We were somewhat apprehensive when we bore witness, via live streaming, to Apple CEO Steve Jobs’ iPhone 4 announcement earlier this year. Typically, smartphone fans either love or hate the iPhone - nothing in between.
Nonetheless, the iPhone 4’s attractive redesign and new features left us feeling curious. Needless to say, when we finally got our hands on our own handset last week courtesy of MTN, we were literally blown away.
For those who are familiar with the iPhone legacy, the most striking feature of the iPhone 4 is its design. This is the first time since 2007 that Apple has significantly redesigned the model and the newer version is considerably more svelte and appealing.
It boasts a rather more angular design in which two hardened glass panels (also known as aluminosilicate glass) are flanked by a stainless steel bevelling. Overall this makes for a almost indestructible yet fantastically pretty design which is certainly one of the high points of Apple’s overall product range.
The durability of the iPhone 4’s material is particularly impressive. The glass frames and stainless steel bevelling appear to be nigh on indestructible. After a week’s worth of hard use, our model has yet to pick up a scratch or a dent anywhere on its body; a attribute which we find incredibly impressive and which definitely serves to justify the iPhone 4’s hefty price tag.
One of the harshest criticisms levelled at the 3Gs, apart from poor battery life, was the plastic feel of its (admittedly minimal) external buttons. These have now been replaced with more rugged stainless steel counterparts and the volume button has been split into two seperate ‘+’ and ‘-’ options. Overall this leaves the user with a volume on/off switch, volume control interface, a sturdy lock button and the obligatory home button (represented by a square) which is present on the front panel.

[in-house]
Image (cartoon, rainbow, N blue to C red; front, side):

Apple was aware of the importance of updating the iPhone during the design process. The 3Gs was slated as a ‘non-upgrade’ in the respect that it offered very little to buyers apart from improved speed. This meant that in three years, Apple’s iPhone had remained virtually unchanged, despite the fact that it occupies an important part of the technologically cutthroat smartphone market.
The iPhone 4 features video calling (also known as FaceTime), a 5 Megapixel camera with an LED flash, backside illumination sensor, auto focus and a front facing VGA camera. In the video department the device is capable of 720p High Definition capture and an LED light.
This, compared with the iPhone 3Gs’ 3 Megapixel camera, VGA video recording and lack of an LED flash, is a significant step up and indicates that Apple really put a considerable amount of thought into advancing the multimedia options on its new handset.
Overall, we can confirm that the image capture on the iPhone 4 is more than impressive and far outstrips the iPhone 3Gs.
The iPhone 4 also brings Wi-Fi 802.11n wireless support (the iPhone 3Gs features only 802.11 b/g), 5.8 Mbps HSUPA connectivity, a three axis gyro, and dual mic noise suppression - all of which are new features to the platform.
Significantly, Apple also chose to outfit the iPhone 4 with its A4 system-on-chip processor, the same as that found in the iPad. This gives the device an impressive 1 Ghz or processing power, which is an estimated 35% increase on the 3Gs. The difference is apparent from the outset, the iPhone 4 is blisteringly quick - quicker perhaps than any other smartphone on the market at present.
The iPhone 4 and iPhone 3Gs also share a number of features including GPS, access to Google Maps, iPod functionality and Safari.
Although Apple is widely regarded for the picture quality of its displays, the iPhone 4’s Retina display is absolutely unrivalled.